FINDING OSCAR (FilmRise/MVD Entertainment Group): Steven Spielberg was executive producer for director/co-writer Ryan Suffern’s award-winning feature documentary, which brings to light a chilling (and long covered-up) injustice regarding the 1982 Dos Erres massacre in Guatemala, which prompted in the victims’ friends and relatives a 30-year obsession to uncover the truth – and to learn the whereabouts of a young boy named Oscar who witnessed and survived the atrocity. ***
GREASE (Paramount): John Travolta and Olivia Newton-John return to Rydell High School in the 40th-anniversary special edition of the award-winning, PG-13-rated 1978 musical blockbuster based on the smash Broadway play, which marked director Randal Kleiser’s feature debut, with the song “Hopelessly Devoted to You” earning an Academy Award nomination, available on DVD ($15.99 retail), DVD/Blu-ray combo ($22.98 retail), and 4K Ultra HD combo ($31.99 retail), each replete with special features including audio commentary, deleted/extended/alternate scenes, alternate ending, “Rydell sing-along,” and more.
“I’M DYING UP HERE”: SEASON ONE (CBS DVD/Showtime Entertainment/Paramount): A three-DVD collection ($39.98 retail) of all 10 episodes from the inaugural 2017 season of the Showtime comedy series based on William Knoedelseder’s non-fiction best-seller, dramatizing the rise of the stand-up comedy craze of the 1970s, with Melissa Leo portraying the brassy but supportive owner of an Los Angeles comedy club, backed by an ensemble cast including Clark Duke, Ari Graynor, Michael Angarano, Andrew Santino, Stephen Guarino, occasional appearances by Dylan Baker as Johnny Carson and Tommy Snider as Wolfman Jack, and guest stars including Alfred Molina, Cathy Moriarty, David Paymer, Richard Kind, Dom Irrera, Sebastian Stan, and ever-reliable Robert Forster.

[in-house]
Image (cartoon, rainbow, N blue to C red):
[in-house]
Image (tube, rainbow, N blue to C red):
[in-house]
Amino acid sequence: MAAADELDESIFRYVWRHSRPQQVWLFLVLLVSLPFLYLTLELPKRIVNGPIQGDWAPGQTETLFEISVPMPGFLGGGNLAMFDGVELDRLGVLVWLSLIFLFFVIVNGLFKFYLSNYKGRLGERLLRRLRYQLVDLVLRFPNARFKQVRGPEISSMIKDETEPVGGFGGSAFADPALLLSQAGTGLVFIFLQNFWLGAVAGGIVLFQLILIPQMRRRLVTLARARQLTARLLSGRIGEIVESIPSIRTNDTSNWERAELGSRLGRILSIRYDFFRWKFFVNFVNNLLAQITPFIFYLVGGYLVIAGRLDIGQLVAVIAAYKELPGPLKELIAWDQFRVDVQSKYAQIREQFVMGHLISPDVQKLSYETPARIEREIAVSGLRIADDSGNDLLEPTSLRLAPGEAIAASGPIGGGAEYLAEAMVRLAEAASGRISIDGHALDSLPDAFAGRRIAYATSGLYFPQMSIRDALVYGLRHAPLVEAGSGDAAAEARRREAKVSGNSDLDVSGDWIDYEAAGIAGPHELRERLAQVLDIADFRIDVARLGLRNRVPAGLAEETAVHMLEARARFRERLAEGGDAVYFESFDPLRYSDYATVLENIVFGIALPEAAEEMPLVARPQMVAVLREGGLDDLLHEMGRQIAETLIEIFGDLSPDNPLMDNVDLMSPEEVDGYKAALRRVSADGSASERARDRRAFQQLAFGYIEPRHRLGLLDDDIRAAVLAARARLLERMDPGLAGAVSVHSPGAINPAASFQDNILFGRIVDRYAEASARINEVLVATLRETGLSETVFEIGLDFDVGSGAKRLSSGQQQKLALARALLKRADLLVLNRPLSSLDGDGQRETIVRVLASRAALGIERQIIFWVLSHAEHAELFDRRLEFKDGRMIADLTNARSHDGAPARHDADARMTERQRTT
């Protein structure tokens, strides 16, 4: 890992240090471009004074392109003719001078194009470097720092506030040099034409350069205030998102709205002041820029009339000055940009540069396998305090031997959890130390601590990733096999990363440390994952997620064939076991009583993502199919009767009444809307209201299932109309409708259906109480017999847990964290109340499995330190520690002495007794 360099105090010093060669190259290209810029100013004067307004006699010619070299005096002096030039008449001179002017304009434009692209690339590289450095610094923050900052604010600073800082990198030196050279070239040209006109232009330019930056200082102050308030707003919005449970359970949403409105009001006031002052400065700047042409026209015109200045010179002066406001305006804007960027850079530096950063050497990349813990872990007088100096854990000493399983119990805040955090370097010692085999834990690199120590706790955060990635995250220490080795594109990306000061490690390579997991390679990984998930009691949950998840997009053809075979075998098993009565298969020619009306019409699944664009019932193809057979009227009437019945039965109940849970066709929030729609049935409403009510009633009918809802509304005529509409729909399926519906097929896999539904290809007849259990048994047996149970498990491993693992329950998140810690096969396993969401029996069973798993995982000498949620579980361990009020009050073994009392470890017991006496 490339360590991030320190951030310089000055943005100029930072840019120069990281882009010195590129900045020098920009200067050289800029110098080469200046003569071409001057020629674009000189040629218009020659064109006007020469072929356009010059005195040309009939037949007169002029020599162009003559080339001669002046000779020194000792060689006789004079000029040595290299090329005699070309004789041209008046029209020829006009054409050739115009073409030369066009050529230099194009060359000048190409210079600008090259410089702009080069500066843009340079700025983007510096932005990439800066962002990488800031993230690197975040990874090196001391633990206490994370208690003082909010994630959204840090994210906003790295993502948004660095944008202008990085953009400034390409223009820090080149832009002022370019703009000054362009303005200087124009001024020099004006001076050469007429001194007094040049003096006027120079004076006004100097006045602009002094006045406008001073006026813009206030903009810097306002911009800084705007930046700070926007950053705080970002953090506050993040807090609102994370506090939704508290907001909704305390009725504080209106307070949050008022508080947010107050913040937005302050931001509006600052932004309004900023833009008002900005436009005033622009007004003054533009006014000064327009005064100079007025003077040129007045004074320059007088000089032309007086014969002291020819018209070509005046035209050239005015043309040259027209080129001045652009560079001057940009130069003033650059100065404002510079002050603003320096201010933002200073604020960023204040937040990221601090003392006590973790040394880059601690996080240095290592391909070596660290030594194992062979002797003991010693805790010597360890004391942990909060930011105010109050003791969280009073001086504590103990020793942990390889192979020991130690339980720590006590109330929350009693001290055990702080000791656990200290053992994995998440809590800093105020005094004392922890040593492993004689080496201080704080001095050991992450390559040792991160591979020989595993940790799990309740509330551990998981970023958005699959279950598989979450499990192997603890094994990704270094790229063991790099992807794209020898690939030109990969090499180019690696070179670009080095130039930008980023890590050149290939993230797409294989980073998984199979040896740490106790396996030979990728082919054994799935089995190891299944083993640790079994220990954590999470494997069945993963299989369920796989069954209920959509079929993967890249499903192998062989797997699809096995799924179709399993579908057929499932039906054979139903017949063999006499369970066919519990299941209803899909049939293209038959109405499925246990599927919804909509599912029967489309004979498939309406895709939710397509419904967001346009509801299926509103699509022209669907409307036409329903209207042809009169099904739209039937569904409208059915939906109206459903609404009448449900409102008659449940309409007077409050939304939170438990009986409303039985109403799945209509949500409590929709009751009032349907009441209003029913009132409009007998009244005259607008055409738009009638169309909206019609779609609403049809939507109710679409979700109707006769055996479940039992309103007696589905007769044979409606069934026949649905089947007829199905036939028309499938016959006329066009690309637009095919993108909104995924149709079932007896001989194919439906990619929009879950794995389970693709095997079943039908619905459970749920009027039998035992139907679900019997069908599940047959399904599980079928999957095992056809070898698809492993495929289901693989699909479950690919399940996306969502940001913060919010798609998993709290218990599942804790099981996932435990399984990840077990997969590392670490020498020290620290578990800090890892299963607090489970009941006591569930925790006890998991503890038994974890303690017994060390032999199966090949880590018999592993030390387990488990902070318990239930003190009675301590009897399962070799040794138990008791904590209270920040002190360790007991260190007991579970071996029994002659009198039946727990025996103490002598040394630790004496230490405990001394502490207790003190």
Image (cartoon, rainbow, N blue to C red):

“THE LAST SHIP”: THE COMPLETE FOURTH SEASON (TNT/Warner Bros. Home Entertainment): The crew of the U.S.S. Nathan James continues its ongoing journey to find a cure for a virus that has ravaged civilization, in all 10 episodes from the 2017 season of the TNT adventure series based on William Brinkley’s best-selling 1988 novel and inspired by Homer’s The Odyssey, with Eric Dane, Adam Baldwin, Bridget Regan, Charles Parnell, Marissa Neitling, Christina Elmore, Jocko Sims, and Travis Van Winkle among the regular cast. The DVD retails for $29.98, the Blu-ray for $39.99 – both with bonus features.
OH LUCY! (Film Movement): Writer/producer/director Atsuko Hirayanagi’s award-winning feature debut expands upon her acclaimed 2014 short, starring Shinobu Terajima in the pivotal role of a bored, lonely Tokyo office lady who adopts an alter-ego (“Lucy”) when she enrolls in an English class, only to fall for handsome instructor Josh Hartnett – at which point her ruse becomes much more complicated. In English and Japanese with English subtitles, available on DVD ($24.95 retail) and DVD/Blu-ray combo ($34.95 retail).
PAWS P.I. (LionsGate): Jon Lovitz provides the voice for the world’s first canine private eye, paired with a pompous British parrot (voiced by Circus-Szalewski) to crack a neighborhood mystery in this PG-rated, family-friendly comedy, available on DVD ($14.98 retail).
ROOMMATES (Kino Lorber Studio Classics): Director Peter Yates’ 1995 comedy/drama is a lovingly acted, unabashed tearjerker detailing the 30-year relationship between cantankerous baker Peter Falk and orphaned grandson D.B. Sweeney. Falk and Sweeney are top-notch and exhibit wonderful chemistry, with fine support from Julianne Moore, Frankie Faison, Jan Rubes, Ernie Sabella, and always-welcome Ellen Burstyn. The makeup earned an Oscar nomination. Both the DVD ($11.95 retail) and Blu-ray ($19.95 retail) include audio commentary and original trailer. Rated PG. ***